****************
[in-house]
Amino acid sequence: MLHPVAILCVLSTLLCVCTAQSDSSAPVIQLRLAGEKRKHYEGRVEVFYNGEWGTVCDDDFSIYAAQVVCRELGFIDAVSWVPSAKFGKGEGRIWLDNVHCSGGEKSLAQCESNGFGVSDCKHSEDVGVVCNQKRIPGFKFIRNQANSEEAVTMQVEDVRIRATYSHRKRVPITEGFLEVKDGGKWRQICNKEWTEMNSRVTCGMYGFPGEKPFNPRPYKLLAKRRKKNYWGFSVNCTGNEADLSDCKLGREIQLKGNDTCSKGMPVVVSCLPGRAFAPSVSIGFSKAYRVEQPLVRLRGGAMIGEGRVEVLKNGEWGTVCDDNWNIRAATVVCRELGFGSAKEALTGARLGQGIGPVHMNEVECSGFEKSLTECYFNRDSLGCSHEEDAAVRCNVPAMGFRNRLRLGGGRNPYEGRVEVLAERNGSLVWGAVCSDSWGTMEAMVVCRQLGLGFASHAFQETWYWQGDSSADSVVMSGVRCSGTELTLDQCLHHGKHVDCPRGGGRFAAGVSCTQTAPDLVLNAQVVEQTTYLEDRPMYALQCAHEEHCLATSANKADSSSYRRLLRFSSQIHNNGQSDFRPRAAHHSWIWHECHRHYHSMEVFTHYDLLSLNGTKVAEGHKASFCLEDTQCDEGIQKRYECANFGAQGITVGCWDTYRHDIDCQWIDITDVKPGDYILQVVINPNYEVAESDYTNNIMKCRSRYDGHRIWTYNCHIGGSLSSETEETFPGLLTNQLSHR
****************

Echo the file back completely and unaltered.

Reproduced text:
[in-house]
Amino acid sequence: MLHPVAILCVLSTLLCVCTAQSDSSAPVIQLRLAGEKRKHYEGRVEVFYNGEWGTVCDDDFSIYAAQVVCRELGFIDAVSWVPSAKFGKGEGRIWLDNVHCSGGEKSLAQCESNGFGVSDCKHSEDVGVVCNQKRIPGFKFIRNQANSEEAVTMQVEDVRIRATYSHRKRVPITEGFLEVKDGGKWRQICNKEWTEMNSRVTCGMYGFPGEKPFNPRPYKLLAKRRKKNYWGFSVNCTGNEADLSDCKLGREIQLKGNDTCSKGMPVVVSCLPGRAFAPSVSIGFSKAYRVEQPLVRLRGGAMIGEGRVEVLKNGEWGTVCDDNWNIRAATVVCRELGFGSAKEALTGARLGQGIGPVHMNEVECSGFEKSLTECYFNRDSLGCSHEEDAAVRCNVPAMGFRNRLRLGGGRNPYEGRVEVLAERNGSLVWGAVCSDSWGTMEAMVVCRQLGLGFASHAFQETWYWQGDSSADSVVMSGVRCSGTELTLDQCLHHGKHVDCPRGGGRFAAGVSCTQTAPDLVLNAQVVEQTTYLEDRPMYALQCAHEEHCLATSANKADSSSYRRLLRFSSQIHNNGQSDFRPRAAHHSWIWHECHRHYHSMEVFTHYDLLSLNGTKVAEGHKASFCLEDTQCDEGIQKRYECANFGAQGITVGCWDTYRHDIDCQWIDITDVKPGDYILQVVINPNYEVAESDYTNNIMKCRSRYDGHRIWTYNCHIGGSLSSETEETFPGLLTNQLSHR